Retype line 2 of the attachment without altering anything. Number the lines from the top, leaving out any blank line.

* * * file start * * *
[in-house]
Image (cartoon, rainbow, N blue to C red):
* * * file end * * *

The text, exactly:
Image (cartoon, rainbow, N blue to C red):